Brown testified that he arranged to meet Rose at a store near his house; defendant, who he did not know, was with Rose, and they drove the BMW to Brown's house. When Brown was unable to pay Rose the money due for consigned drugs because his house had been reportedly burglarized the night before, defendant ordered Brown to lie face down on the floor and demanded that he turn over his money; Brown rolled over and complied, and defendant also removed some cash from Brown's pockets while Rose pointed a handgun at him. Rose then urged defendant, armed with a 9 millimeter handgun, to shoot Brown in the head, and defendant then shot Brown several times, striking his leg and chest/armarea, and the assailants fled.

Brown's account was consistent with the information and description of the assailants given to the police, the medical testimony, cell phone records, the ballistics and shell casings evidence, and the secreted guns recovered from the BMW. It was further in accord with the testimony of neighbors who observed the assailants arrive with Brown and then depart. Also testifying was a jail inmate who defendant befriended and to whom he confessed his role in this shooting as the self-described "wetman" (shooter) or collector for a gang that was engaged in selling marihuana. Significantly, the inconsistencies or shortcomings in Brown's (and the inmate's) testimony were fully explored for the jury and did not concern defendant's identity as the shooter or the details of the shooting. They were not of the type to render Brown unworthy of belief, despite his criminal history and the immunity conferred by the US Attorney for his drug selling activity and other matters (see People v Thompson, 79 AD3d 1269, 1271 [2010]; People v Gragnano, 63 AD3d 1437, 1441-1442 [2009], lv denied 13 NY3d 939 [2010]).

Defendant's conduct in shooting Brown repeatedly at close range with a semi-automatic handgun, and his confession that he operated as the gang's shooter, used hollow-point bullets to avoid forensic traces and should have used a stronger weapon to ensure the victim's demise, fully support the jury's conclusion that defendant intended to kill Brown and engaged in conduct that tended to effect Brown's death and, thus, its guilty verdict of attempted murder in the second degree (compare People v Wallace, 8 AD3d 753, 755-756 [2004], lv denied 3 NY3d 682 [2004]). Likewise meritless, given the foregoing testimony, are defendant's claims that the evidence "merely placed [him] at the scene of the crime and in the vehicle driven by [Rose]" and that it failed to credibly support the assault, robbery or weapon possession charges. Accepting the jury's credibility determinations, we discern no grounds for disturbing its verdict.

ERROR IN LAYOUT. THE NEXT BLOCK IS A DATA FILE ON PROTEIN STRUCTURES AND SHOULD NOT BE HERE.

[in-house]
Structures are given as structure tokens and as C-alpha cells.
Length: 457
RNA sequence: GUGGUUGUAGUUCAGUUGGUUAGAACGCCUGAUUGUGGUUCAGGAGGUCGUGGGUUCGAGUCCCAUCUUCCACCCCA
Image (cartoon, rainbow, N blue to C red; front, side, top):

Defendant further challenges County Court's Molineux ruling, after a hearing, allowing evidence regarding his gang membership and role. This evidence stemmed from the confession to the testifying inmate in which defendant explained his role and motives in this very shooting. As such, the inmate's testimony was a "narrative description of the crimes charged [which] necessitate[d] mention of the uncharged criminal conduct [and bad acts, because they] . . . are inextricably interwoven" (People v Gantz, 104 AD2d 692, 692 [1984]; see People v Ciembroniewicz, 169 AD2d 929, 930-931 [1991]). Those admissions were admissible as a matter of law as they were probative of defendant's specific intent and motive in this shooting, as well as the manner in which he accomplished these crimes and his identity as the shooter, all disputed issues (see People v Lee,80 AD3d 877, 880 [2011]; see also People v Alvino, 71 NY2d 233, 241-242 [1987]). While the court's ruling could have been more explicit, the record reflects that, during its combined SandovalMolineux inquiry, it engaged in the requisite "case-specific discretionary balancing of probity versus prejudice" (People v Westerling, 48 AD3d 965, 966 [2008]; cf. People v Lindsey, 75 AD3d 906, 908 [2010], lv denied 15 NY3d 922 [2010]). The court separately considered each item in the People's Molineux proffer, admitting only those directly related to these crimes and excluding those concerning unrelated gang activity or details. Defendant raised no specific arguments at the hearing on the issue of admissibility or prejudicial effect of these acts, failing to preserve such claims (see People v Lindsey, 75 AD3d at 907-908). Defendant's contention that the court failed to issue a limiting instruction is not preserved for our review. Were we to review said claim, we would find that the court erred in this regard (see id. at 908; People v Westerling, 48 AD3d at 968) but, in light of the overwhelming evidence of guilt, the error was harmless (see People v Lindsey, 75 AD3d at 908).

Finally, we find no error or abuse of discretion in County Court's discharge of juror No. 5, after a thorough inquiry of the absent juror disclosed that he was unavailable to continue serving and there was no likelihood that he would be appearing within two hours (see CPL 270.35 [1], [2]; People v Jeanty, 94 NY2d 507, 511, 513-514 [2000]; People v Ballard, 51 AD3d 1034, 1035-1036 [2008], lv denied 11 NY3d 734 [2008]). The court spoke to the juror twice on the telephone, once with counsel present who had an opportunity to be heard, learning that, due to the ...